February 21, 2015

William Pinke (c.1599–1629) on the Sum and Scope of Christianity

3. Consider in the next place the summe and scope of Christianity, which is only to show how miserable thou art by sin, and how happy thou mayest be in Christ. When thou art come thus far, set the looking glass of the Law before thee, and terrify thyself with the ugly deformities and loathsome stains of thy soul through the guilt of sin, then turn unto the Gospel, and consider how Christ Jesus out of the abundance of his love, with which he loved thee being his enemy, shed his dearest blood to wash away these stains from thy soul, as very a wretch as thou art, as well as any mans else.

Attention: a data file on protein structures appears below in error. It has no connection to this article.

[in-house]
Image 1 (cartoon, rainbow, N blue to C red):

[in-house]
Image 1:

William Pinke, The Trial of a Christian's Sincere Love Unto Christ, 5th edition (Oxford: Printed by W. Hall for John Forrest, 1659), 48.


Note: Observe how Pinke counsels lost souls, or false professors of Christianity in the context. He tells them to see their misery and ugliness by means of the law, and then exhorts them to turn unto the gospel to consider 1) Christ's love for him and 2) how he shed his dearest blood for him. The lost sinner may know both of these things prior to believing the gospel. The gospel reveals these objective truths to everyone that hears the message.